Congress is considering dueling fiscal plans for the upcoming year that illustrate the unappetizing budget choices facing the next president.
Democrats are backing a $3 trillion budget plan that would produce decent-sized surpluses in a few years and generous increases for many domestic programs, but only by assuming major tax increases when President Bush's tax cuts expire in about three years.
With the House ready to begin the budget debate on Wednesday, Republicans unveiled their alternative, a plan that preserves the Bush income tax rate cuts and tax breaks for marries couples, people with children, on investments, and for those inheriting multimillion-dollar estates. But the price for such generosity is harsh, unrealistic cuts in Medicare, housing, community development, and the Medicaid health care program for the poor and disabled.
The rival budget plans display the difficult trade-offs facing the next president, who must weigh tax cuts that expire at the end of 2010 with popular spending programs like education, highway construction and Medicare. Simply put, it's politically impossible, under current estimates, to have it all: a balanced budget, Bush's tax cuts, and growth in spending that keeps up with inflation and population growth.
Congress' annual debate on the budget is guided by an arcane process in which a nonbinding budget resolution sets the stage for subsequent bills affecting taxes and benefit programs such as Medicare, as well as the annual appropriations bills. Unless such follow-up legislation is passed, the budget debate has little real effect and is mostly about making statements about party priorities. This is such a year.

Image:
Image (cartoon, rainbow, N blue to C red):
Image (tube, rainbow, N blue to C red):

In election years, Congress invariably leaves alone difficult budget issues such as the unsustainable growth in benefit programs such as Medicare and simply focuses on the 12 annual bills funding the budgets of Cabinet agencies such as Defense, Education and Agriculture. This year, the hard feelings between Democrats and Bush are such that even those spending bills are likely to be delayed, although the defense and homeland security budgets may go forward. Decisions on the fate of the Bush tax cuts are expected to wait until after next year's presidential election.
In Senate debate Tuesday, Democrats promised renewal of the 10 percent tax bracket on the first $7,825 of income for individuals, the $1,000 per child tax credit and estate tax relief. But income tax rates would bounce back to pre-Bush levels, as would taxes on dividends and capital gains on stock and real estate sales to generate small surpluses in 2012 and 2013.
"They're going to raise those rates up," said Sen. Judd Gregg, R-N.H. "They are going to double the capital gains rate essentially. ... The deduction for qualified education expenses is not extended. Small business taxes are not extended."
Republicans countered with an amendment extending income tax cuts and current rates on investments, but the move would mean the budget would stay in the red.
Votes aren't expected, in both the House and the Senate, until Thursday.